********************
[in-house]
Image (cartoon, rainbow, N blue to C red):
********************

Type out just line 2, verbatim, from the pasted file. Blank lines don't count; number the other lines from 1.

Image (cartoon, rainbow, N blue to C red):